The second, even more favorable embodiment also begins with the application of an RF storage voltage which is unusually high for fragmentation methods. However, no resonant RF excitation voltage is used at the end cap electrodes; instead, a DC voltage is simply applied to one of the end cap electrodes causing the cloud of parent ions to be drawn (or pushed) toward one of the end cap electrodes. There is then an equilibrium between the attractive effect of the DC fields and the repulsive effect of the pseudopotential gradient; however, the individual ions of the cloud are subject to a stronger imposed forced oscillation with the storage RF than at the rest position of the cloud in the center of the ion trap. This imposed forced oscillation already leads to large numbers of collisions with the collision gas and hence to the beginning of the fragmentation. The cloud should therefore not be maintained in this deflected state for very long; only a few tenths of a millisecond or even less are necessary. If the DC voltage is now switched off, then the ions in the cloud oscillate alternately between high potential and high kinetic energy through the ion trap, driven by the high gradient of the pseudopotential in the ion trap. If switched off at the right phase of the storage RF, then there is no danger that they will hit the end caps because their energy is insufficient for this. They undergo relatively high-energy collisions and their oscillation is slowly damped. In a way similar to that of the first embodiment, the amplitude of the RF storage voltage is powered down in a controlled way, until a state is reached in which the light ions to be detected can be held in the ion trap.
Switching off the DC voltage here has to take into account the phase of the imposed forced oscillations of the parent ions since their amplitudes and kinetic energies are no longer negligible.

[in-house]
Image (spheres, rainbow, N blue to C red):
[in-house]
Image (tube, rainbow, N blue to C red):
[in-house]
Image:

This method is extraordinarily simple and successful. It can also be modified in a variety of ways, however. For example, it is possible to apply potentials of opposite polarity to the two end caps instead of using only one potential asymmetrically. The method can also start with a moderate RF storage voltage, and after deflection of the ion cloud, the amplitude of the RF storage voltage is intermittently increased before the DC is switched off and the RF voltage is powered down.
This embodiment can also be modified even further by exciting the ions again for a short time with an RF excitation voltage after switching off the DC potentials so that their oscillation amplitudes during this time are not reduced by the damping. It is then necessary to begin the excitation in phase, however.
The question is when exactly the light ions are created. It may be assumed (there are strong indications) that they do not occur spontaneously but that the parent ions already exist for a period of time as overexcited, so-called metastable ions before they decompose with a first half-life time to daughter ions, and that metastable daughter ions which are still overexcited dissociate with a further half-life time to granddaughter ions. It can be assumed that, for energetic reasons, the second half-lifetime is greater than the first, so that the granddaughter ions only occur at a time in which they can also be stored after the RF storage voltage is powered down to the lower value.
The specialist can easily implement these fragmentation methods. For commercial ion trap mass spectrometers it is generally only necessary to change the software control; all the voltage generators required are usually provided. The control can be changed by means of a simple software operation. In some commercial ion trap mass spectrometers, it is even possible for the user to undertake the changes to the control procedure, depending on the software version.